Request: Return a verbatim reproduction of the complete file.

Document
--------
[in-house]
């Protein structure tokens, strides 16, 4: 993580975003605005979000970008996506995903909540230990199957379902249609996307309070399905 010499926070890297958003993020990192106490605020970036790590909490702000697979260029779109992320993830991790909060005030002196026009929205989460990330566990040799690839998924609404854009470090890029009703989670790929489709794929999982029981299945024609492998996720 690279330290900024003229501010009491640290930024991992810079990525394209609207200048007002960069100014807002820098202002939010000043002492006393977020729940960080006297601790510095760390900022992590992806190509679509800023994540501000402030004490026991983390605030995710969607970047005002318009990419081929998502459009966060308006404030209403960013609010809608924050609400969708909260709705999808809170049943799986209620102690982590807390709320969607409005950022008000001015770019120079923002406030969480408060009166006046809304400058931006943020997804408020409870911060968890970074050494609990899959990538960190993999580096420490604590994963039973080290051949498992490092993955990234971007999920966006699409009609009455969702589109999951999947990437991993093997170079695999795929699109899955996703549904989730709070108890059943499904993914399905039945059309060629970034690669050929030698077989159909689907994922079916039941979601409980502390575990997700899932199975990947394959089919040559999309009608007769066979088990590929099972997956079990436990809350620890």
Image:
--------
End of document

[in-house]
């Protein structure tokens, strides 16, 4: 993580975003605005979000970008996506995903909540230990199957379902249609996307309070399905 010499926070890297958003993020990192106490605020970036790590909490702000697979260029779109992320993830991790909060005030002196026009929205989460990330566990040799690839998924609404854009470090890029009703989670790929489709794929999982029981299945024609492998996720 690279330290900024003229501010009491640290930024991992810079990525394209609207200048007002960069100014807002820098202002939010000043002492006393977020729940960080006297601790510095760390900022992590992806190509679509800023994540501000402030004490026991983390605030995710969607970047005002318009990419081929998502459009966060308006404030209403960013609010809608924050609400969708909260709705999808809170049943799986209620102690982590807390709320969607409005950022008000001015770019120079923002406030969480408060009166006046809304400058931006943020997804408020409870911060968890970074050494609990899959990538960190993999580096420490604590994963039973080290051949498992490092993955990234971007999920966006699409009609009455969702589109999951999947990437991993093997170079695999795929699109899955996703549904989730709070108890059943499904993914399905039945059309060629970034690669050929030698077989159909689907994922079916039941979601409980502390575990997700899932199975990947394959089919040559999309009608007769066979088990590929099972997956079990436990809350620890």
Image: